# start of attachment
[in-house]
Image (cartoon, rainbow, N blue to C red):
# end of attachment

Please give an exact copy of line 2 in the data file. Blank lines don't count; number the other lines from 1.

Image (cartoon, rainbow, N blue to C red):